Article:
Anguish – Magna Est Vis Siugnah (2018) REVIEW

If you’d only ever skipped through this Uppsala, Sweden doom metal band’s debut in digital form then you were likely assed-out in learning of the great religion of Siugnah, a spiritual reality first proposed on ‘Through the Archdemon’s Head’. Though yet incomplete in it’s psalms of the moribund, their authored concept is spirited and fittingly dark alongside Anguish’s arch-demonicidal sound. These death metal loving doom metallers have always stood out as a little groggy, a bit rough, and on the verge of collapsing under the weight of their own mid-paced classic doom metal riffs. Their second album ‘Mountain’ defined the band’s sonic language with great clarity and the extra time spent on atmospheric recording techniques made for one of 2014’s most compelling traditional doom metal albums. The great tease of any Anguish record is their flirtation with their death metal influences that never do more than glance at the sub-genre, wink, and go about their business.  ‘Magna Est Vis Siugnah’ is altogether similar to ‘Mountain’ but loses a small amount of the brightness and tonal layers in favor of louder, buzzing guitar reverberation.

Though he experimented with some heavier grunts and growls on ‘Mountain’, vocalist J. Dee has begun to incorporate vocal elements that recall Tom G. Warrior (“Blessed Be the Beast”) and even 90’s Lee Dorrian (“Requisecat In Pace”) along the way. His vocal style is decidedly just roughened enough to stand out within traditional doom metal style a small step beyond the occasionally hoarse growls of Finnish doom bands like Cardinal’s Folly. His delivery the album is tips Anguish’s sound towards the scent of records like ‘Forest of Equilibrium’ but maybe moreso Penance‘s ‘The Road Less Travelled’.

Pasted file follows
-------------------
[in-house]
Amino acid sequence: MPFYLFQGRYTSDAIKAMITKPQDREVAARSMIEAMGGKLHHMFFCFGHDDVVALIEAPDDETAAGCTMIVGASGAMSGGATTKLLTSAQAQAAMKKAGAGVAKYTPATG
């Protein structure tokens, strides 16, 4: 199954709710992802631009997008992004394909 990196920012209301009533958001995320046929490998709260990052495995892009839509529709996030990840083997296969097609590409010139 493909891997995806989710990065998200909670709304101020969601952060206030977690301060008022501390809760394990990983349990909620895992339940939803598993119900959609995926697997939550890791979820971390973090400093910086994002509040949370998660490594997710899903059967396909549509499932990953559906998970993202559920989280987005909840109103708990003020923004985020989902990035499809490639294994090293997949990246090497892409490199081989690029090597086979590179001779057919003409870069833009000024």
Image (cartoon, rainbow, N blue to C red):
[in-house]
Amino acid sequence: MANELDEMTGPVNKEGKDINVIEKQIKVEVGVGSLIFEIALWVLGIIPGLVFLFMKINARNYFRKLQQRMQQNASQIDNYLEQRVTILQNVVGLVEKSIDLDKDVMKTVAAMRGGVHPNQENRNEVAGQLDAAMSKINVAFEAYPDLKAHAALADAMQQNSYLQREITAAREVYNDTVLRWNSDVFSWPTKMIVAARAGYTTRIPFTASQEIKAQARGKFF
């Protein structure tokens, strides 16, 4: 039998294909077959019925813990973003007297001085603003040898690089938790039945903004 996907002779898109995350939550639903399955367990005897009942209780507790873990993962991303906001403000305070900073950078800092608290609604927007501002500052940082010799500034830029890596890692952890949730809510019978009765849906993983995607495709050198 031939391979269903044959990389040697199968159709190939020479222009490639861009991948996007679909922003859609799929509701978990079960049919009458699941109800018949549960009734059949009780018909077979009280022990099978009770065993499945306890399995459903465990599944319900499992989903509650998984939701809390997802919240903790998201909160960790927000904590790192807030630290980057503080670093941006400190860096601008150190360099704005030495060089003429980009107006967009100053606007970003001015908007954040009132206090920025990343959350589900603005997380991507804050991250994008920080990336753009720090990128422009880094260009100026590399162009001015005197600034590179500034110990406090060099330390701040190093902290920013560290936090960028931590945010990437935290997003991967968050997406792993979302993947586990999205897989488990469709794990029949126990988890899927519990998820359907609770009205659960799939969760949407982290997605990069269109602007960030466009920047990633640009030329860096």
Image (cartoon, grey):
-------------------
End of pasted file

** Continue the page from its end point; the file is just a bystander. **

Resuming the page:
For all of the power that ‘Magna Est Vis Siugnah’ begins with, it ends with one too many tracks that crawl along much like the final Cathedral album ‘The Last Spire’ where it all seems like a similarly paced drag without a grand ‘wake-up’ moment to revive the listener. After the huge nearly 12 minute dirge “Of the Once Ravenous” the rest of the spin feels oppressive enough to avoid after several listens. My issues with the pacing aren’t entirely warranted though, as it is a doom metal album, but I wanted a revival of the energy felt on the inspired first track. “Our Daughter’s Banner” briefly musters some energy but ends things on a damning dark ‘Lost Paradise’ note that works, but I tended to need a break afterwards rather than dive right back into the experience.


Artist Anguish
Type Album
Released January 26, 2018
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All allegiance is malign. 3.5/5.0

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